Image by Carol VanHook via Flickr
Here it is, December 9th, and my last day of the Fall 2011 semester. Unreal! It is apropos then, that our last discussion for my Information Technology in Educational Organizations class is on the topic of leadership, as if our professor is sending us off into the future but reminding us that we’re not always going to be library students. We are soon-to-be librarians, and that job description (officially and often, unofficially) extends way beyond the physical act of running the library. We are being cultivated as a crop of new community leaders – whether that community be a neighborhood, a government organization, a school or a company.
One important aspect of leadership is demonstrating value. Not just the value of you, as a member of a staff or faculty, or even just of your library as a space. (Though that is part of it.) We’re going to need to demonstrate the value of our library program to the community and possibly sometimes the value of libraries in the world. Sheesh! No pressure.
Here is a :30 Animoto promo as an example of the types of ideas school librarians need to reinforce in the educator/ administrator and student communities they serve. The statements here are true, but a bit vague. I hope this serves as a starting point for people to give them ideas of more detailed advocacy outreach they can do:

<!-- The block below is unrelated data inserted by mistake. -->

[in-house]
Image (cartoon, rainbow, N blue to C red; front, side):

Other than video production, there is some every day work we can do to gather evidence to back up our assertions on the value of libraries/ librarians/ programs. Sometimes you may want to gather specific research or test results to show improvement on a specific challenge your community is having, but these measurements are good to have all of the time, as a way of comparing one semester or year over past years to show long-term accomplishments: Continue reading